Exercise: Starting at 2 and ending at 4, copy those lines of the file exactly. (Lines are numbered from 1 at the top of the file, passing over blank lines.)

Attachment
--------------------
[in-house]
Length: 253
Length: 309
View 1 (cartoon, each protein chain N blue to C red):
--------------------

Length: 253
Length: 309
View 1 (cartoon, each protein chain N blue to C red):